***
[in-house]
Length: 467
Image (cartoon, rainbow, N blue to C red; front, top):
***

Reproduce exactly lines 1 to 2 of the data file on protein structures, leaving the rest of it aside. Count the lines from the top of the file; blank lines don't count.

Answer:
[in-house]
Length: 467